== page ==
Shannon (left) with his boss Charles Lindsay, owner of Your Home Construction.

Constructing a career

From the start of his pre-trades course at Unitec, Shannon was determined to finish his apprenticeship and get qualified.

“I wanted to prove to myself that I could do it. Once I’d dedicated myself to the course, I knew I wanted to carry on and get my qualification.

“I worked with another guy who did the same course as me and he chose to just work as a labourer, but I went the other way. There was a little bit more work for me to get qualified, but it was always something I was going to do anyway. If you’re working in the industry, you might as well get something out of it at the same time.”

A trades qualification stays with you as you look for jobs or travel the world, Shannon points out.

“Once you have it, you can take it pretty much anywhere. You can go and work in Australia if you like. Your qualification is recognised in a lot of places.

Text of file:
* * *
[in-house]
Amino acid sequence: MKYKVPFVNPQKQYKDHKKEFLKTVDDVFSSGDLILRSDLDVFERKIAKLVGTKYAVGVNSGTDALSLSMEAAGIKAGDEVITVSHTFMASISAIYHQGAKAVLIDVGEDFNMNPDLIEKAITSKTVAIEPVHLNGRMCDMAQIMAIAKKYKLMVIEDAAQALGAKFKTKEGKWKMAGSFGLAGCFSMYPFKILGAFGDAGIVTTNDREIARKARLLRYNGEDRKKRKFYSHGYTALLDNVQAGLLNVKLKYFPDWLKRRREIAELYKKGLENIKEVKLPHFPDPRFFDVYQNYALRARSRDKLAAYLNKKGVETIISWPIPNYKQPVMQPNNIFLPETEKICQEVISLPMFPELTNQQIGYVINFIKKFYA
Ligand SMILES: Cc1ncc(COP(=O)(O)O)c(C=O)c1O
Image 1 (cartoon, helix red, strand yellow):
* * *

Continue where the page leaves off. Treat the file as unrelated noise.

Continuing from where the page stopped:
“If I was just a labourer, then every time I got a new job I’d have to prove myself based on my work. But now that I have a qualification, I can back myself up with that, as well as showing them what I can do on the job.”

He encourages other trainees to focus on what they want for their long-term future.

“You just need to have the right attitude if you want to get qualified. You have to think about the end goal, not the short-term goal.

“Visualise that, because there are going to be times when you’re doing long hours or doing the same mundane job – carrying materials around site or whatever – and you just have to keep in mind what you want to get out of it.”